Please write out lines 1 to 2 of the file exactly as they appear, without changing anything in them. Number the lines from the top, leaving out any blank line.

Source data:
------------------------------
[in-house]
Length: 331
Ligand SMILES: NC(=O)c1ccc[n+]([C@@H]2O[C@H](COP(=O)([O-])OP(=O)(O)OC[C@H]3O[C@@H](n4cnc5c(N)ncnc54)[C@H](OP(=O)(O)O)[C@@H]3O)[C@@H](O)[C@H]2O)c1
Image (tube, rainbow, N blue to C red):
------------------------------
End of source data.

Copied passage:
[in-house]
Length: 331